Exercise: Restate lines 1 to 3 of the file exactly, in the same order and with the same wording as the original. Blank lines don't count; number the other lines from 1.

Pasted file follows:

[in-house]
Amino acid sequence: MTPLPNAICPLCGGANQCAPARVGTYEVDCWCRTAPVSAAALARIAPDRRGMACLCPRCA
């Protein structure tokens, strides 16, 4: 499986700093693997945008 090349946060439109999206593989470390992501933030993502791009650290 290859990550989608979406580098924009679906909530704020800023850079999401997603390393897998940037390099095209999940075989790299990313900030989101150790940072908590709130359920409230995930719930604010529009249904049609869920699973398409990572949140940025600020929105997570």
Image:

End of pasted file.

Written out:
[in-house]
Amino acid sequence: MTPLPNAICPLCGGANQCAPARVGTYEVDCWCRTAPVSAAALARIAPDRRGMACLCPRCA
């Protein structure tokens, strides 16, 4: 499986700093693997945008 090349946060439109999206593989470390992501933030993502791009650290 290859990550989608979406580098924009679906909530704020800023850079999401997603390393897998940037390099095209999940075989790299990313900030989101150790940072908590709130359920409230995930719930604010529009249904049609869920699973398409990572949140940025600020929105997570």